Often, gardeners don't give much thought to the aroma of the plants, but a fragrant plant can add a whole new dimension to the garden, making it a treat to the senses. Nothing is as invigorating as the scent of lavender or as peaceful as the sweet aroma of jasmine wafting through the air on a warm summer evening.
Brugmansia, also known as angel's trumpet because of the showy trumpet-shaped blooms, adds a tropical touch to the landscape. Although brugmansia is always sweet-scented, the best time to enjoy its aroma is just before nightfall. Brugmansia is hardy in temperate climates, primarily USDA Hardiness Zones 10 to 12.
Heliotrope (Heliotropium arborescens) grows as an annual in cooler climates but is hardy in USDA Hardiness Zones 10 to 11. Available in pale lavender, white and the familiar dark purple, heliotrope has a subtle, vanilla-like scent. Plant heliotrope where the plant can benefit from sunny morning, but protect it from hot afternoons that can burn the foliage.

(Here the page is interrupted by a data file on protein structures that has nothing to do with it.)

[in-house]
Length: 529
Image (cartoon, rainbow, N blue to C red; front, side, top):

Lavender, (Lavandula), is a familiar herb perennial in USDA Hardiness Zones 5-10. Because of its sweet scent, lavender is often dried and used in crafts, aromatherapy, and even to flavor jams, jellies or vinegars. Lavender loves dry weather and sunshine and is also suitable for container growing.
Short-lived lilac flowers make an appearance in early spring. The scent and blooms make lilac a favorite among flowering bushes. Visit an old homestead and you may see lilacs that have been there for more than a hundred years, a testament to the lilac's durability. Lilacs are hardy in USDA Hardiness Zones 3 to 7.
One jasmine bloom can be enough perfume the entire garden. The sweet blooms will draw butterflies and hummingbirds to the landscape. Jasmine is a moderately fast-growing, vining shrub that can grow up to 24 inches in a year. A tropical plant, USDA Hardiness Zones 9-11 are most favorable for jasmine.